Rinaldi, Babbitt Discuss Collaboration on High-Profile Stage
Friday, September 23, 2011
NATCA President Paul Rinaldi and FAA Administrator Randy Babbitt took the stage after three cabinet secretaries Wednesday morning at the DOT’s first Semi-Annual Aviation Workforce Management Conference. The two led a panel discussion on “Best Practices in Labor Management Relations.”
The message was clear: NATCA and the Agency have made steady progress thus far in establishing a collaborative process. Both Babbitt and Rinaldi agreed that collaboration must be institutionalized as part of the operating culture instead of being personality-driven if success is to be continued.
“We have been very methodical in building this collaborative process to make sure we’re not steamrolling each other.” Rinaldi said. “We’re methodically building this brick by brick. We’re not throwing bricks; we’re building a road. We must have a lasting process.”
Rinaldi added that the process must remain intact regardless of who fills the roles of NATCA president, FAA administrator and secretary of transportation in the future. “This is how you maintain our competitive advantage in the global aerospace industry—by having collaborative processes in place.”
Babbitt said achieving lasting success will require both the FAA and NATCA to “put chains” on the pendulum swings that often result when there is a change in leadership. Babbitt went on to say that those swings “take focus off of what we’re here to do, which is continue to have the safest, most efficient airspace system in the world.”
During Wednesday’s panel discussion, Babbitt made the point that collaboration starts at the top of each organization and centers on communication; the sender and the receiver must have a common understanding of the message. That was key in the development of the collaborative process undertaken after both Rinaldi and Babbitt took their respective offices in 2009.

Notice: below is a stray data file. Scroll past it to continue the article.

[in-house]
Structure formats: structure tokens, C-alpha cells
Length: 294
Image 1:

Babbitt noted that starting their new roles at the same time was an advantage. “We’ve seen the pathway our institutions have taken before and it’s clear to us it was not a pathway to success.”
The collaborative process has resulted in great changes the past two years and Rinaldi cited one exciting example: the use of alternate dispute resolution to resolve grievances. This has allowed the parties to avoid the use of expensive arbitrations and save taxpayer money. Rinaldi noted that the continued joint efforts on NextGen and professional standards “open up the door for us to do so much more.”
Rinaldi said both NATCA and the FAA are doing a good job of involving local FAA managers and NATCA facility representatives as much as possible to handle and resolve issues. Through comprehensive training, both the FAA and NATCA have equipped managers and union reps with the tools they need to establish workgroups and ensure involvement. This kind of collaboration helps guarantee the best decisions are made.
Last year, DOT Secretary Ray LaHood chartered the Future of Aviation Advisory Committee (FAAC) with the mandate to provide information, advice and recommendations to DOT to ensure the competitiveness of the U.S. aviation industry. In particular, Secretary LaHood chartered the FAAC to address transportation needs, challenges and opportunities of the U.S. and global economies.
The FAAC is composed of 19 members representing all facets of the U.S. aviation industry, including labor. One of the FAAC’s recommendations addressed workplace issues and asked for a semi-annual Aviation Workforce Management Conference.
The timing of the conference could not have been more appropriate. Simultaneously, in Dallas, a key collaboration meeting was taking place. Members of the NATCA National Executive Board were joined by their counterparts from senior FAA leadership for what one NEB member said was a successful series of discussions.
“The DO/RVP meeting, I think, was very productive,” said NATCA Southwest Regional Vice President Tim Smith, who has served on the Collaborative Workgroup since its creation nearly 18 months ago. “We had some excellent discussions about improving our regional/service area relationships to be more collaborative, including improved/increased communications, fostering better, more productive relationships, and demonstrating support for the regional coordinators and facilities in the collaborative process.”